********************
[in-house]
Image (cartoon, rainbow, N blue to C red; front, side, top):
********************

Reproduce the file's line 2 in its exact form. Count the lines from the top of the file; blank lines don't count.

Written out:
Image (cartoon, rainbow, N blue to C red; front, side, top):